Now, perhaps offering some sort of organized amnesty and retraining program for demobilized military units, something that would go into countries where there had been turmoil and help them out with legal protections and humanitarian aid, would perhaps be one way of protecting forces acting out of conscience but afraid of consequences. Who knows, perhaps the UN could resettle and retrain some of these forces and use them as part of their, much maligned, enforcement arm? Worked for the Gurkhas in the British Army.

Nice straw man. Like I said that.

I don’t think that would work, as short-sighted interference based on monetary and military means in certain reasons has been one of the main reasons for distrust of “the West” in the world.
Give someone money and they’ll fight for you today, certainly. But it would never inspire someone to take up a just and democratic struggle for the rest of their lives.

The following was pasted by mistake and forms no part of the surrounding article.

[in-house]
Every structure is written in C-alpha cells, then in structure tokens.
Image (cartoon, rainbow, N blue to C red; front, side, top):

I shall say this again: it doesn’t have to be a “Western” or American project. I was thinking more in terms of the UN or other international body.

I hate to say it, and I know you will all find it very patronising, but I think the main reason you are having difficulty in taking my idea on board is due to idealism. You don’t want people to be motivated by monetary matters, but rather by “patriotism”, “honour”, or a “just and democratic struggle”. Personally I think in more pragmatic terms than that. I look at the lives of the desperately poor in most of the world and recognise that despite our high ideals they would be highly motivated by money, because money brings security in a highly insecure world. Trying to motivate people by “offering some sort of organized amnesty and retraining program for demobilized military units” just isn’t going to cut it with people who have many hungry mouths to feed.